from Health Economics at http://bit.ly/2uH0kbD on July 10, 2017 at 05:34AM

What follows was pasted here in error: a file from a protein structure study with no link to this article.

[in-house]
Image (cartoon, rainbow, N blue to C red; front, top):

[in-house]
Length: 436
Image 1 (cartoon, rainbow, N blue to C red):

Whether and how changes in economic circumstances or household income affect individuals’ diet and nutritional intakes is of substantial interest for policy purposes. This paper examines the extent to which, as well as how individuals protect their calorie intakes in the face of unanticipated shocks to household income. Our results suggest that households use substitution, disproportionally cutting back spending on non-foods to protect spending on foods, change the composition of the consumption basket, and increase the consumption of ‘cheaper’ calories. Taken together, we find that total nutritional intakes are almost fully protected against income shocks, with only very small changes in actual calorie intakes. Specifically, we find that 12-16% of the effect of permanent income shocks on food expenditures is transmitted to calorie intakes, with 84–88% protected through insurance mechanisms.